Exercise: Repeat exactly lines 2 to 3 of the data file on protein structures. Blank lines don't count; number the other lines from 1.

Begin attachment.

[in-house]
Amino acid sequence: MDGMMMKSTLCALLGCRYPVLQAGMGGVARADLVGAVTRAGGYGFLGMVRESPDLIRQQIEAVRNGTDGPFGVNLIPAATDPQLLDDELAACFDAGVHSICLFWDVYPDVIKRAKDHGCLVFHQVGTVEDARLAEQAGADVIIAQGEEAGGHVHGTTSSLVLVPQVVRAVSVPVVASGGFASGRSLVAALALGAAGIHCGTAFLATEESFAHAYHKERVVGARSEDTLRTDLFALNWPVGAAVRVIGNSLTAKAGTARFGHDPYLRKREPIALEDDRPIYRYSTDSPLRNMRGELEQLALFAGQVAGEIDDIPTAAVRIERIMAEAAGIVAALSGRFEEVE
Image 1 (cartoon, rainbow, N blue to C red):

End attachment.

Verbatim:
Amino acid sequence: MDGMMMKSTLCALLGCRYPVLQAGMGGVARADLVGAVTRAGGYGFLGMVRESPDLIRQQIEAVRNGTDGPFGVNLIPAATDPQLLDDELAACFDAGVHSICLFWDVYPDVIKRAKDHGCLVFHQVGTVEDARLAEQAGADVIIAQGEEAGGHVHGTTSSLVLVPQVVRAVSVPVVASGGFASGRSLVAALALGAAGIHCGTAFLATEESFAHAYHKERVVGARSEDTLRTDLFALNWPVGAAVRVIGNSLTAKAGTARFGHDPYLRKREPIALEDDRPIYRYSTDSPLRNMRGELEQLALFAGQVAGEIDDIPTAAVRIERIMAEAAGIVAALSGRFEEVE
Image 1 (cartoon, rainbow, N blue to C red):